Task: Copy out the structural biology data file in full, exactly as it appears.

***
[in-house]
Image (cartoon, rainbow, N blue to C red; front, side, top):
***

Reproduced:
[in-house]
Image (cartoon, rainbow, N blue to C red; front, side, top):